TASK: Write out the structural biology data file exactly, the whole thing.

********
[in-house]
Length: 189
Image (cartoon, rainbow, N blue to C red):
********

[in-house]
Length: 189
Image (cartoon, rainbow, N blue to C red):